Freedom Chat White Paper

If you would like to read our encryption analysis with snippets of our code you can by clicking here – 1/15/24

Definitions

Starting from the notions of symmetric & asymmetric encryption, here are some definitions related to Freedom Chat’s protocols*.

SigningKey

A public/private key pair used by a User to sign and authenticate.

EncryptionKey

A public/private key pair used by a User to encrypt and decrypt a message.

Identity

An Identity is the combination of a SigningKey and an EncryptionKey of a User. We can speak of the “private part” or the “public part” of an Identity to designate respectively the private or public keys of the Identity.

The keys of an Identity may be renewed, and an Identity may be revoked.

An Identity is sometimes called a “Device” or “Key” and is referred to by its id generated by the server when it is created and may be called “deviceId” or keyId”.

Chain of Signatures

A mechanism for verifying the integrity of a User‘s Identity is available.

In a simplified way, each operation of creation, renewal of keys or revocation of an Identity is recorded in a chain (the Sig-Chain) in the form of a block. Each block contains the transaction information and the hash of the previous block.

Each block addition to the chain is signed by the SigningKey of a valid Identity of that User, except for the first block which is self-signed.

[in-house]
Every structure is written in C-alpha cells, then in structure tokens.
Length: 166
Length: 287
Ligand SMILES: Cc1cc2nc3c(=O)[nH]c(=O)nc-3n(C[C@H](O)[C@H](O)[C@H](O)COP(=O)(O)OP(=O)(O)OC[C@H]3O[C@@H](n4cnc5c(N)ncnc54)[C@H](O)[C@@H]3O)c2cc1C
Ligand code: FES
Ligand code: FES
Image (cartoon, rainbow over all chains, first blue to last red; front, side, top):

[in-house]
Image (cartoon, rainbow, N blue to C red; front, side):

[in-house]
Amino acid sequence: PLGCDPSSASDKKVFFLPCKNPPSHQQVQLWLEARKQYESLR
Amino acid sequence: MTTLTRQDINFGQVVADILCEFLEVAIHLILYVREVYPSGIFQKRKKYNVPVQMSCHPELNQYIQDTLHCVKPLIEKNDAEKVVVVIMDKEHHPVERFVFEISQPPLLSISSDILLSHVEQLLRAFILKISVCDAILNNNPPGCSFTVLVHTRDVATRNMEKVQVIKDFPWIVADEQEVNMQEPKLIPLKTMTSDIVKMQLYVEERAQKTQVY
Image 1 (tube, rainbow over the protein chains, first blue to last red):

Session

A Session is an element to be protected such as a string of characters.

SessionID

At the beginning of the encryption, the SDK makes a request to our servers* in order to assign to the Session a unique identifier called SessionID.

Messsage Key

This is the term used for the symmetric key needed to decrypt a Session.

EncryptedMesssageKey

This is a MessageKey protected end-to-end using the public key of the EncryptionKey of a Message recipient. The private key of the EncryptionKey recipient is required to recover a MessageKey from an EncryptedMessageKey.

Freedom Chat Registration

  1. When a user first installs Freedom Chat, the application generates two asymmetric key pairs. The first is used to prove his (or her) identity, called signingKey, and the second is used for encryption, called encryptionKey;
  2. The two public keys are then sent to our servers, and an identity is created for this user (on the backend–SealdID);
  3. The account chain of signatures is initialized with a key creation transaction, adding these keys.
  4. To authenticate, the user makes a request to the servers, which will answer a “challenge” to be signed with his signingKey in order to prove his identity. This operation is completely transparent to the user and does not require any password.

Encryption

The encryption of a Session (Message) by a user using Freedom Chat is done as follows:

  1. MessageKey is generated when a user creates a new chat session. 
  2. If the recipients of the Session are not cached in the application, the public keys to their encryptionKey are retrieved from our servers.*
  3. For each public key thus retrieved, an EncryptedMessageKey is thus generated locally on the user’s mobile device wishing to encrypt the Session.